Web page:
Snow slows down traffic on Interstate 40, Friday morning, Jan. 22, 2016, in Nashville, Tenn. A blizzard menacing the Eastern United States started dumping snow in Virginia, Tennessee and other parts of the South on Friday as millions of people in the storm's path prepared for icy roads, possible power outages and other treacherous conditions. (Andrew Nelles/The Tennessean via AP)

NASHVILLE, Tenn. (AP) - A winter storm hit Nashville earlier than expected on Friday morning, catching many people off guard and causing gridlock on the interstates.

The Tennessee Emergency Management Agency declared a state of emergency on Thursday afternoon in anticipation of the coming storm, but TEMA spokesman Dean Flener said it caught even him by surprise. Speaking from his car on Friday morning, Flener said he had been stuck on Interstate-40 for two hours on his way into the office.

Tennessee Highway Patrol spokesman Lt. Bill Miller said there were crashes reported across the state but the highway patrol was not working any fatal accidents.

"In the Nashville area many of the interstates are pure gridlock with the area around downtown just totally shut down," Miller said.

Meanwhile, state offices across Tennessee were closed, warming stations were open, and the Red Cross had shelters on standby near the interstates.

Josh Booker and his fiancee brought their suitcases with them to work Friday morning. They work at a Nashville Waffle House and Booker said the restaurant was putting up employees at a nearby hotel in order to keep the business open 24 hours a day.

He said the restaurant should have put them up Thursday night as well because he had a tough time getting in to work on Friday morning. His car eventually got stuck at an intersection just outside the restaurant, but he said about eight people came out and pushed him into the parking lot.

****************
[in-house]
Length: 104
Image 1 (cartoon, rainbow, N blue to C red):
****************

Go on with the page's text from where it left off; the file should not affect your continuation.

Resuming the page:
A few miles away, Frances Davidson was walking from her apartment past a line of stopped cars to get to a convenience store at a nearby gas station.

"I only have a little food in the house," she said. "I don't think we'll be able to get out before Monday. We'll be stuck for days."

Davidson said she had planned to go shopping Thursday night but put it off until Friday morning because it was raining. When she tried to drive, the car started sliding, so she revised her plans.

"This is my first time having to walk to the store in the snow," she said.

Across the state, officials were warning residents to avoid all unnecessary travel.

Nashville had about 4 ½ inches of snow by mid-day with another 1 or 2 inches expected. Memphis saw less snow than predicted, with only about 2 inches. Further north and west of the cities, snow had reached 7 and 8 inches. Meteorologists said the storm was moving east with up to 6 inches of snow predicted for the central valley and as much as 10 inches in the far northeast corner of the state. Up to 15 inches were possible at the highest peaks.

At an apartment complex in downtown Memphis Friday morning, Danielle Aldridge was using a plastic kitchen cutting board to remove ice from her windshield.

"It worked better than I thought it would, but it's not perfect," she said.

Aldridge said she works as a nurse at a family practice clinic in the Midtown neighborhood. Unlike government offices and many private businesses in the city, the clinic was open Friday.

"Sick people will come in today," she said. "That's part of the deal. Like the post office - rain or shine or sleet or snow, I will take care of my patients."